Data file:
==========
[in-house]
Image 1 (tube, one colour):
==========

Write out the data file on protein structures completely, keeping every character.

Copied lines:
[in-house]
Image 1 (tube, one colour):